SC Rewind: 70 Jugs And Counting
Published: September 19, 2015 8:34 am ET
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In this week's edition of Rewind Robert Smith traces the long and interesting history of the famous Little Brown Jug Race which this Thursday is about to hold its 70th renewal.
A number of vintage photographs depicting the first Jug as well as others from the early years form an important part of this Rewind.
The horses parade to the post in the inaugural Little Brown Jug in 1946
Way back on the afternoon of September 18, 1946 a group of individuals at the then small city of Delaware, Ohio watched their dream turn into a reality. This group, headed by two local gentlemen -- one an attorney named Joe Neville and the other the managing editor of The Delaware Gazette named Henry C. "Hank" Thomson -- were all elated. Their idea of a great event for three-year-old pacers was long in the making and was now on its way. Certainly no one could have ever envisioned what a great annual event it would become.
The two men shown here were the founders of The LBJ. Pictured during Jug day on the left is Hank Thomson and Joe Neville
While the first actual Little Brown Jug was held in 1946, much more work and planning preceded this day including two Derby Trials in 1944 and 1945. One of the major items that had to be accomplished was the naming of the race. This was reportedly accomplished by running a newspaper contest, asking for suggestions from the general public. Apparently some 4,000 entries or suggestions were offered and from them was chosen the now famous name.
Legend has it that besides the popular old song Little Brown Jug, there also once existed a horse named Little Brown Jug. He was bred in Tennessee and first owned by a farmer who used him as a plow horse on weekdays and on Sundays he transported the family to Church. It seems that this gentleman owed a debt of $80 and to satisfy his obligation, the horse was shipped to the north. His new owner immediately noticed his pacing ability and decided to train him for racing purposes. So Little Brown Jug became a race horse and in 1881 established a new world record of 2:11 3/4 pacing.
Accounts of the first Little Brown Jug day reported that by mid-morning the parking areas were completely filled. "They had come to Delaware from as far away as Florida, Canada, New York and California and just about everywhere in between. Unofficial gate estimates put the swarm of Little Brown Jug enthusiasts at 27,000. The weather was ideal and the field of top three-year-old pacers gave the huge crowd its money's worth and more!"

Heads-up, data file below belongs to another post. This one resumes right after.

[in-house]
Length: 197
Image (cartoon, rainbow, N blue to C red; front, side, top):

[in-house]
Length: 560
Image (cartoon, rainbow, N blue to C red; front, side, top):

From the very beginning the race was a community affair. Leading up to the first Jug week which began on Tuesday and ended on Saturday, the entire population of Delaware were on board. Every street in the city displayed banners. Pennants with a Little Brown Jug emblazoned on them hung on wires that stretched across the streets. Shop windows, private homes, costume jewellers, everyone great and small joined in the promotion. In his Hoof Beats write-up of the first Little Brown Jug noted writer of the day "Buck" O'Neill wrote the following. "Crowd reaction is the unfailing test of success, and never has this reporter noted a response more spontaneous than that of the crowd to the playing of The Little Brown Jug as the field paraded to the post...Joe Neville knew his job was completed."
The first Jug drew a field of nine starters and carried a purse of $35,358. As the day began, a bit of drama began to unfold on the backstretch. One of the sport's best known and most accomplished reinsman had a huge opportunity to add the winning of the inaugural of this race to his list of accomplishments. That man was Sep Palin, known for many great triumphs and lofty accomplishments. On this day he had the great Billy Direct-sired pacing colt Ensign Hanover honed and ready for action. After all he was the man who was behind the great trotter Greyhound in virtually all of his lifetime starts.
Troubled by a rather serious respiratory ailment and attempting to shake off the effects of a racing accident at Shelbyville, he was still up for the challenge...or so he thought. After warming up Ensign Hanover for the Jug's first heat, he soon realized he would be unable to stand the arduous task of possibly racing in four grueling heats. He approached Joe McGraw, the presiding Judge and was granted permission to name a substitute driver.